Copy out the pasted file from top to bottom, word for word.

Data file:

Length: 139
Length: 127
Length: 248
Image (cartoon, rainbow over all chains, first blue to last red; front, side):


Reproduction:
Length: 139
Length: 127
Length: 248
Image (cartoon, rainbow over all chains, first blue to last red; front, side):